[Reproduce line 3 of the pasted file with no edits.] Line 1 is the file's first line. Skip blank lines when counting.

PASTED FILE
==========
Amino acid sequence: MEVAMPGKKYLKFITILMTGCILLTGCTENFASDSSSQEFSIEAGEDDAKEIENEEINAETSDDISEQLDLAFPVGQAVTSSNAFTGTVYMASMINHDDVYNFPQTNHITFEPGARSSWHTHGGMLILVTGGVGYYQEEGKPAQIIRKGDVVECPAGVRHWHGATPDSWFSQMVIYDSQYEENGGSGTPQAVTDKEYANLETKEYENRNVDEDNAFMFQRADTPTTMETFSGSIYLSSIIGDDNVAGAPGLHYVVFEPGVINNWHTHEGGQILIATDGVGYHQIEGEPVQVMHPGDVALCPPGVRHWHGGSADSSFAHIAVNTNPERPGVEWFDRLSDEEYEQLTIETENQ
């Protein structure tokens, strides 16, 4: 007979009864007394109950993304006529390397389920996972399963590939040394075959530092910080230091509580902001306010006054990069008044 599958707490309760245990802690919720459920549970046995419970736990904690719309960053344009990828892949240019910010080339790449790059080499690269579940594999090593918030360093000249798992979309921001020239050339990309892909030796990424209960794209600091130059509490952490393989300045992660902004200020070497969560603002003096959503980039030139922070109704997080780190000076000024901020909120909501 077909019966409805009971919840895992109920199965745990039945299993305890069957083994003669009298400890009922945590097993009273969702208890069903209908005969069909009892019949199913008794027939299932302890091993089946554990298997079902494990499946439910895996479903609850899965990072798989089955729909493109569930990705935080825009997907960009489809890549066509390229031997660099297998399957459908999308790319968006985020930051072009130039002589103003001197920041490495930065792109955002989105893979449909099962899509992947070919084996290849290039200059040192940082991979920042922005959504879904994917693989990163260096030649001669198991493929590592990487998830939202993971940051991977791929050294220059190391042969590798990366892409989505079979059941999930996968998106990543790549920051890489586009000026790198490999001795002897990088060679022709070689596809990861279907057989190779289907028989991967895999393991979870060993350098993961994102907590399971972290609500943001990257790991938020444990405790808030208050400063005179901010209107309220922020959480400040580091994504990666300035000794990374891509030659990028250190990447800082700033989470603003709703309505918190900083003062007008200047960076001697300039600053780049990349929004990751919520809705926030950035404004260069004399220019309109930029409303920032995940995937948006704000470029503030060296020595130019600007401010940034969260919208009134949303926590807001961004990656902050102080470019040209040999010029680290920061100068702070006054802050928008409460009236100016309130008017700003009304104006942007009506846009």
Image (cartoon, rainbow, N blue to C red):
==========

Image (cartoon, rainbow, N blue to C red):